If lung cancer is caught early enough, it’s treatable with a high chance of long survival. But many people at high risk because of their smoking history aren’t screened until they turn 65 and are eligible for Medicare coverage.
A new study by University of Wisconsin School of Medicine and Public Health scientists found that screening rates for at-risk men jumped 16.2% after they became eligible for Medicare insurance coverage. The research, which used multi-state data from the Behavioral Risk Factor Surveillance System, was published online in the journal Medical Care.
Using a low dose CT-scan to identify lung cancer early, before it has spread, can reduce deaths due to lung cancer by 20% according to randomized trial data. Despite this, few of the smokers and ex-smokers who are eligible for these scans are screened. Prior to becoming eligible for Medicare, only about 11% of high-risk men and 18% of high-risk women had been screened, according to Rebecca Myerson, MPH, PhD, assistant professor of population health sciences, UW School of Medicine and Public Health, and faculty member, UW Carbone Cancer Center.
“Our findings suggest that inadequate insurance or access to care is part of the reason for this low take-up of lung cancer screening, particularly among men,’’ Myerson said. “These findings imply policies expanding access to health insurance can actually prevent lung cancer deaths by increasing take-up of lung cancer screening, which paves the way to early detection and treatment.”
The study did not show an increase in CT scans for high-risk women, possibly because more of them had been obtaining regular medical care and had already been screened.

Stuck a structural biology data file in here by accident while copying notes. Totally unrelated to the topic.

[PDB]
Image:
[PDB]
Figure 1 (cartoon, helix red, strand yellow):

“This impact among high-risk men is important because high-risk men were more likely than women to use health care infrequently or lack a usual source of care before age 65,’’ Myerson said.
Myerson and Jiren Sun, a graduate student and doctoral candidate studying biomedical data science, analyzed data from 10,951 high-risk people in their mid-60s, spanning the period before and after their eligibility for Medicare. High-risk people who were eligible for screening were those ages 55 to 80 with a smoking history of 30 pack-years. This means they had smoked a pack of cigarettes a day for 30 years or two packs a day for 15 years. During the 2017 to 2019 timeframe of this study, the U.S. Preventive Services Task Force recommended that smokers and ex-smokers who had smoked for 30 pack years be screened. More recently, the recommendation has dropped to include those with 20 pack-years of smoking.
Even though gaining Medicare coverage and having a free “Welcome to Medicare” visit at age 65 did improve screening, levels remained low, with less than 25% of all high-risk people getting annual screenings.
“For some patients, health insurance coverage is not enough to move the needle on screening,’’ Myerson said. “Other methods such as education and outreach to physicians, addressing remaining barriers to care for patients, or using electronic medical records to systematically identify relevant patients could be helpful to further increase screening.”
Marcelo Coca Perraillon of the University of Colorado also was a member of the research team.